Yuppies happy to pay for vision of new life

South China Morning Post/September 18, 1994

Young urban professionals weaned on a Hong Kong diet of study, long hours and stress are spending thousands of dollars in search of fulfillment.

Scores of people, aged 25 to 38, are signing up for group therapy courses which urge them to reach for their dreams and live happily with family and friends. But the territory's new self-discovery courses have both supporters and critics.

Lan Kwai Fong, company AsiaWorks has taken a sledging from a concerned former participant who complained of long hours and dangerous techniques.

Managing director Chris Gentry has also recently extricated himself himself from a public spat with a former colleague, but Hong Kong professionals are brushing aside the snarls and speaking up for their new-found awareness with the zeal of reformed smokers.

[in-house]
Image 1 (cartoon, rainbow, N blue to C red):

"I felt nervous at the beginning, but I also noticed that it [nervousness] was what was between me and success - this is the obstacle," said Cammy Wong Che-mei, a 21-year-old life insurance consultant.

The course attracts equal numbers of each sex, but the proportion of Chinese participants has grown to about 80 per cent during AsiaWorks' three years of operation, according to Mr. Gentry.

Those who are curious about the company's Lifespring technique attend a weekly "just night," which offers a taste of the full course before they decide whether to pull out their wallets.

The first four-day course, Basic, costs $4,500 and the second, Advanced, course will set participants back by $8,000.

"One of the significant factors that make the course so effective is that it has a little bit of a bite to it - It's for profit," Mr. Gentry said.

"People have to confront themselves before they come into the room, to ask themselves" "Why am I doing this, is there something wrong with me?"

Former life insurance consultant Stephen Tsai Yew-dao, 39, is "between jobs, deciding what to do with my life," but champions the concept.

"A lot of people are very price conscious. If you say it's not worth anything, they won't put forth their concentration and energy," he said.

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